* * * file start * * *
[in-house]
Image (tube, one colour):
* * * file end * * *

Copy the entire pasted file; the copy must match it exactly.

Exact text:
[in-house]
Image (tube, one colour):